Class Notes (809,569)
Canada (493,754)
Biology (6,677)
Biology 1001A (1,723)
Dr.Mike (47)
Lecture 16

Lecture 16.docx

4 Pages
Unlock Document

Western University
Biology 1001A

Lecture 16  Cnemidophorus uniparens: born female, stay female their whole lives, they reproduce asexually  Sex as recombination  o recombination -> genetic diversity o  generate new combination, main genetic diversity  crossing over, independent assortment  offspring distinct from either parent and (usually) each other  Sex is recombination  Sex =/= reproduction  o reproduction can happen without sex o binary fission: no recombination, asexually reproduction, give rise to two identical offspring o "Sex" without reproduction, exchange genetic material, but do not produce offspring o Quaking aspen colony: facultatively sexualf o  trees can reproduce sexually or asexually, (sexual -> flowers) o Amazon molly: obligately asexual o  cannot reproduce sexually, only asexual  Sexually reproducing organisms may be dioecious or monoecious  o Dioecious: two house holds, a male and a female (either male or female, can't be both) o Monoecious: hermaphrodite, individual has both male and female reproductive parts  Sequential monoecy (sex change)  o change sex some point in their life o common in coral reef fishes o Bluestreak wrasse: female to male o Clownfish: male to female  Size-advantage model of sex change  o males can be small size o female needs to be bigger in size because they need to lay eggs o Protandry: some species they start off as males, as they grow up, they become bigger, they becomes female so that they can lay more eggs  Distribution of sex  o First life forms almost certainly reproduced asexually o  most things, except plants and animals, reproduce mostly asexually  But among animals...  o marked in green is asexual, all the red tips are the organism reproduce sexually o most animals reproduce sexually  Why reproduce sexually?  o good reasons "not" to... o  cost of mating   need to look for a mate  compete for a mate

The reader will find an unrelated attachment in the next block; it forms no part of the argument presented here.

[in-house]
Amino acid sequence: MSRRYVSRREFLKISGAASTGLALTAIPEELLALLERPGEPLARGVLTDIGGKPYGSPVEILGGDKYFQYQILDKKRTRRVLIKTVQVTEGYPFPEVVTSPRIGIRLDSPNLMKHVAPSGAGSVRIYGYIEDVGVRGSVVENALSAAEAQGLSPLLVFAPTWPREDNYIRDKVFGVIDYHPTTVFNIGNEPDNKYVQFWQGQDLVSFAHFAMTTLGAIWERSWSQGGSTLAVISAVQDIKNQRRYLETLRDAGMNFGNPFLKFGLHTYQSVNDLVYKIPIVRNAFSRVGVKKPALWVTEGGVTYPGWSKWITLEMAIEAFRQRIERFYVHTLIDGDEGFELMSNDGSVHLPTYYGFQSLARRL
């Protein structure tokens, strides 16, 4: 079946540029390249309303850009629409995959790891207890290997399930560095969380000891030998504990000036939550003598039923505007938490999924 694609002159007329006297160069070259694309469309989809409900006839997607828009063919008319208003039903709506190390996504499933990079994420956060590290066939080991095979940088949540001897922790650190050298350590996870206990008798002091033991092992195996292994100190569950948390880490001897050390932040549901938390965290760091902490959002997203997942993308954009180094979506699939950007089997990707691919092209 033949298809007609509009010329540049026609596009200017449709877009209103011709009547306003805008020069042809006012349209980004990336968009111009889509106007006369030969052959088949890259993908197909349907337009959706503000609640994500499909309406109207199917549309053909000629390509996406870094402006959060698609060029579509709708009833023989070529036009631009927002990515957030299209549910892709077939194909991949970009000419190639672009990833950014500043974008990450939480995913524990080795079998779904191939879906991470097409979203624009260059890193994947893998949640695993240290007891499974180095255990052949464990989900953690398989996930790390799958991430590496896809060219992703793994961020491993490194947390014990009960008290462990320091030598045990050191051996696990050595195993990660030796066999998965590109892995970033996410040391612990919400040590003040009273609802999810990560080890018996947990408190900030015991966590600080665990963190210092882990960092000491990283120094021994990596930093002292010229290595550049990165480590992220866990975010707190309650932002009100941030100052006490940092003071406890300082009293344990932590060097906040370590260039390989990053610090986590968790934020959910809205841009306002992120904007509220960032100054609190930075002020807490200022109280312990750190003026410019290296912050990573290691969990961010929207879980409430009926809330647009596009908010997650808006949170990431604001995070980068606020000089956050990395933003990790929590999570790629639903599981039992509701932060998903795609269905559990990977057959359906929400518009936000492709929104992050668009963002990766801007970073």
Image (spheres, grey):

More Less

Related notes for Biology 1001A

Log In


Don't have an account?

Join OneClass

Access over 10 million pages of study
documents for 1.3 million courses.

Sign up

Join to view


By registering, I agree to the Terms and Privacy Policies
Already have an account?
Just a few more details

So we can recommend you notes for your school.

Reset Password

Please enter below the email address you registered with and we will send you a link to reset your password.

Add your courses

Get notes from the top students in your class.